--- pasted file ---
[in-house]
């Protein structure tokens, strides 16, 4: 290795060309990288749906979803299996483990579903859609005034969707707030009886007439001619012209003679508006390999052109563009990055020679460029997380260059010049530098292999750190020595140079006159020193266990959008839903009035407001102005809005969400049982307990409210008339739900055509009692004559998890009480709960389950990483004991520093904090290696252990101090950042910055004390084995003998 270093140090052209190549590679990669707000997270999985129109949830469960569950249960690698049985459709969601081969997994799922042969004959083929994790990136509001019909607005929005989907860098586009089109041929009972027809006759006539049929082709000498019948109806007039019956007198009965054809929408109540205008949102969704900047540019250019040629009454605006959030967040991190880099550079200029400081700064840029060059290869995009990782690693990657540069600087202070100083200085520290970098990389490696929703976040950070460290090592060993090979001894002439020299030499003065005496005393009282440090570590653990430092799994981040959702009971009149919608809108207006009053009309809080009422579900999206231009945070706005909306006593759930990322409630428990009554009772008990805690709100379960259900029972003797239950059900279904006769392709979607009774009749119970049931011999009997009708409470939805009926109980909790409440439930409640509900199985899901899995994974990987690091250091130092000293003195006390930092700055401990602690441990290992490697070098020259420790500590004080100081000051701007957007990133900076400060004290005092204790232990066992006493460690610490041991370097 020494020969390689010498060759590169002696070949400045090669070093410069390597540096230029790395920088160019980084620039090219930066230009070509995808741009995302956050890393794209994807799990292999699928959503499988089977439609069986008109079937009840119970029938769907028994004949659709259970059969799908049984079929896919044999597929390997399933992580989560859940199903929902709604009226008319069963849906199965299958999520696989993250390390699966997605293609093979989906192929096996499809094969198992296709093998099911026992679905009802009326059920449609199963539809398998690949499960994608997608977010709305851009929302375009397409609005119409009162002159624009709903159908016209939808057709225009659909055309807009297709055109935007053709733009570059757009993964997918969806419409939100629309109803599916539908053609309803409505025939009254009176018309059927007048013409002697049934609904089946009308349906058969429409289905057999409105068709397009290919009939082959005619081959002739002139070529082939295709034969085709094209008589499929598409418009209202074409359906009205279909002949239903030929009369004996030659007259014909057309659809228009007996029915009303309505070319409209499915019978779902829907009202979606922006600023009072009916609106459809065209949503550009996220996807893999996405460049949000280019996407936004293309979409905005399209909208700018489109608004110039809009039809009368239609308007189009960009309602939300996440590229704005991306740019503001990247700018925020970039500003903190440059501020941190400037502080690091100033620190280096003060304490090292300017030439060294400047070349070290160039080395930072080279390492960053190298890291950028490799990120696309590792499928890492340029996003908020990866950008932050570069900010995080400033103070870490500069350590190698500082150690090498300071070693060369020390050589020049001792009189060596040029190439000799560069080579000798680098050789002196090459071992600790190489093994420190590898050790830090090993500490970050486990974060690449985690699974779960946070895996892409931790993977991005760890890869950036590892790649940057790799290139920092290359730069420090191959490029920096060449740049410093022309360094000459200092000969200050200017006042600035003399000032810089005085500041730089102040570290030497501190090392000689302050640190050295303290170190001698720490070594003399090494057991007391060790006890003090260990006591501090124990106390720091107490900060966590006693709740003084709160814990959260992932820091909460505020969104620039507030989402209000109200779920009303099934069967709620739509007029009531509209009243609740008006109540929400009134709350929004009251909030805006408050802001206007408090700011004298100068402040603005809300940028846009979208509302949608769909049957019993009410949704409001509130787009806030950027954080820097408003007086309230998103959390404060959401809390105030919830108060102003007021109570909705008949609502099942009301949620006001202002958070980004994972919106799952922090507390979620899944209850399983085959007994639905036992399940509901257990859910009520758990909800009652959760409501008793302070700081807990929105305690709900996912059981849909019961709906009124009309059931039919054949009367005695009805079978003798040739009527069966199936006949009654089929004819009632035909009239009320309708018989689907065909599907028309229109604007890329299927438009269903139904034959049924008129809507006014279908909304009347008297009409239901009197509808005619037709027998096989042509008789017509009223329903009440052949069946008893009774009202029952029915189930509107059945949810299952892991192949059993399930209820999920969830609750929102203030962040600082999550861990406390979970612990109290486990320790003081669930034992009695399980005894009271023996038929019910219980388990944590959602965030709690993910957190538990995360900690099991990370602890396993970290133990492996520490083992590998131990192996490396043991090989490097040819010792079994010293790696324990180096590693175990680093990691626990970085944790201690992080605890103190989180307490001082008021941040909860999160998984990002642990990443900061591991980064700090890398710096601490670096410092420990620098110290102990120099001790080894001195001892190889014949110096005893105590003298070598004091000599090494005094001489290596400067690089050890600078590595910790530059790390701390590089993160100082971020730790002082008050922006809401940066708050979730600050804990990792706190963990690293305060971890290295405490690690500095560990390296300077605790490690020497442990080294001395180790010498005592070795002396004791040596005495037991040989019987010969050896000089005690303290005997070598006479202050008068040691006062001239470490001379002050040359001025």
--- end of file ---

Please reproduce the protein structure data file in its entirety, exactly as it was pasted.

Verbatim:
[in-house]
């Protein structure tokens, strides 16, 4: 290795060309990288749906979803299996483990579903859609005034969707707030009886007439001619012209003679508006390999052109563009990055020679460029997380260059010049530098292999750190020595140079006159020193266990959008839903009035407001102005809005969400049982307990409210008339739900055509009692004559998890009480709960389950990483004991520093904090290696252990101090950042910055004390084995003998 270093140090052209190549590679990669707000997270999985129109949830469960569950249960690698049985459709969601081969997994799922042969004959083929994790990136509001019909607005929005989907860098586009089109041929009972027809006759006539049929082709000498019948109806007039019956007198009965054809929408109540205008949102969704900047540019250019040629009454605006959030967040991190880099550079200029400081700064840029060059290869995009990782690693990657540069600087202070100083200085520290970098990389490696929703976040950070460290090592060993090979001894002439020299030499003065005496005393009282440090570590653990430092799994981040959702009971009149919608809108207006009053009309809080009422579900999206231009945070706005909306006593759930990322409630428990009554009772008990805690709100379960259900029972003797239950059900279904006769392709979607009774009749119970049931011999009997009708409470939805009926109980909790409440439930409640509900199985899901899995994974990987690091250091130092000293003195006390930092700055401990602690441990290992490697070098020259420790500590004080100081000051701007957007990133900076400060004290005092204790232990066992006493460690610490041991370097 020494020969390689010498060759590169002696070949400045090669070093410069390597540096230029790395920088160019980084620039090219930066230009070509995808741009995302956050890393794209994807799990292999699928959503499988089977439609069986008109079937009840119970029938769907028994004949659709259970059969799908049984079929896919044999597929390997399933992580989560859940199903929902709604009226008319069963849906199965299958999520696989993250390390699966997605293609093979989906192929096996499809094969198992296709093998099911026992679905009802009326059920449609199963539809398998690949499960994608997608977010709305851009929302375009397409609005119409009162002159624009709903159908016209939808057709225009659909055309807009297709055109935007053709733009570059757009993964997918969806419409939100629309109803599916539908053609309803409505025939009254009176018309059927007048013409002697049934609904089946009308349906058969429409289905057999409105068709397009290919009939082959005619081959002739002139070529082939295709034969085709094209008589499929598409418009209202074409359906009205279909002949239903030929009369004996030659007259014909057309659809228009007996029915009303309505070319409209499915019978779902829907009202979606922006600023009072009916609106459809065209949503550009996220996807893999996405460049949000280019996407936004293309979409905005399209909208700018489109608004110039809009039809009368239609308007189009960009309602939300996440590229704005991306740019503001990247700018925020970039500003903190440059501020941190400037502080690091100033620190280096003060304490090292300017030439060294400047070349070290160039080395930072080279390492960053190298890291950028490799990120696309590792499928890492340029996003908020990866950008932050570069900010995080400033103070870490500069350590190698500082150690090498300071070693060369020390050589020049001792009189060596040029190439000799560069080579000798680098050789002196090459071992600790190489093994420190590898050790830090090993500490970050486990974060690449985690699974779960946070895996892409931790993977991005760890890869950036590892790649940057790799290139920092290359730069420090191959490029920096060449740049410093022309360094000459200092000969200050200017006042600035003399000032810089005085500041730089102040570290030497501190090392000689302050640190050295303290170190001698720490070594003399090494057991007391060790006890003090260990006591501090124990106390720091107490900060966590006693709740003084709160814990959260992932820091909460505020969104620039507030989402209000109200779920009303099934069967709620739509007029009531509209009243609740008006109540929400009134709350929004009251909030805006408050802001206007408090700011004298100068402040603005809300940028846009979208509302949608769909049957019993009410949704409001509130787009806030950027954080820097408003007086309230998103959390404060959401809390105030919830108060102003007021109570909705008949609502099942009301949620006001202002958070980004994972919106799952922090507390979620899944209850399983085959007994639905036992399940509901257990859910009520758990909800009652959760409501008793302070700081807990929105305690709900996912059981849909019961709906009124009309059931039919054949009367005695009805079978003798040739009527069966199936006949009654089929004819009632035909009239009320309708018989689907065909599907028309229109604007890329299927438009269903139904034959049924008129809507006014279908909304009347008297009409239901009197509808005619037709027998096989042509008789017509009223329903009440052949069946008893009774009202029952029915189930509107059945949810299952892991192949059993399930209820999920969830609750929102203030962040600082999550861990406390979970612990109290486990320790003081669930034992009695399980005894009271023996038929019910219980388990944590959602965030709690993910957190538990995360900690099991990370602890396993970290133990492996520490083992590998131990192996490396043991090989490097040819010792079994010293790696324990180096590693175990680093990691626990970085944790201690992080605890103190989180307490001082008021941040909860999160998984990002642990990443900061591991980064700090890398710096601490670096410092420990620098110290102990120099001790080894001195001892190889014949110096005893105590003298070598004091000599090494005094001489290596400067690089050890600078590595910790530059790390701390590089993160100082971020730790002082008050922006809401940066708050979730600050804990990792706190963990690293305060971890290295405490690690500095560990390296300077605790490690020497442990080294001395180790010498005592070795002396004791040596005495037991040989019987010969050896000089005690303290005997070598006479202050008068040691006062001239470490001379002050040359001025």